- First, pick up some batter with your spatula and try to draw a figure 8 with the batter that is dripping off the spatula. If you can form several 8 figures without the batter breaking up, that’s one indication that it might be ready. There’s another test you can do.
- Grab a teaspoon of batter and spoon onto the parchment paper or silicon mat. Wait a minute to see how it behaves.
- If the batter stays stiff, forming a point and doesn’t spread out a bit, I start folding a little bit more, about 3 folds. Test again!
- Once the batter spreads out a bit and starts to look glossy and smooth on top, on the parchment paper, I transfer my mixture to the piping bag.
- You don’t want your batter to be too runny either. So be careful not to overmix. It’s always best to undermix and test several times until the proper consistency has been achieved.
- This is the most important part about making macarons in my opinion. The best way I can describe this stage being perfect is when you hold the spatula with batter on top of the bowl and the batter falls off the spatula slowly but effortlessly. The batter will keep flowing off the spatula non-stop, but not too quickly.
- Transfer batter to a piping bag fitted with a round tip.
- Place piping bag directly 90 degrees over the center of each macaron template. Apply equal pressure and carefully pipe for about 3 seconds, and then quickly pull the bag up twisting slightly.
- Once you’ve piped as many circles as you could, bang the trays against the counter a few times each. This will release air bubbles that are in the batter and prevent your macaron shells from cracking.
- Use a toothpick to pop any air bubbles in the surface of the shells.
- Right after piping the shells and banging the trays, I sprinkled a touch of cinnamon on top of the shells. Don’t over do it with the cinnamon, as it’s been known to affect the texture of the shells if used in excess.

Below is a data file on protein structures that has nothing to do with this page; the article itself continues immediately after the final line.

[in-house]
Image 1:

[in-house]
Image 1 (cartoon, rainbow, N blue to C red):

- Let your trays sit for a while so the shells will dry out a little bit. I usually leave about 30-40 minutes, depending on how humid the day is. You’ll know they’re ready when you gently touch the surface of a macaron and it seems dry.
- Pre-heat the oven to 325F.
- Bake one tray at a time.
- Bake for 4 minutes, rotate tray.
- Bake for 4 more minutes. Rotate again.
- I baked each tray for a total of 12-16 minutes rotating every 4 minutes.
- When baked, the macarons will have a deeper color and formed feet. And they will be coming off the mat easily, and with a completely formed bottom.
- Remove from the oven and bake the other tray.
- Let the macarons cool completely before proceeding with the filling.
- Cream butter with an electric mixer for 1-2 minutes.
- Add sifted powdered sugar and eggnog. Mix on low until the sugar is incorporated.
- Raise speed to high and cream for another minute.
- Add vanilla extract, or rum, and mix to combine.
- If the buttercream is too stiff, add a touch more eggnog, and if the buttercream is too runny, add more sifted powdered sugar until you achieve the desired consistency.
- Pipe buttercream in half of the shells. Top with another shell.
- Let macarons sit in the fridge and mature for 24 hours before serving.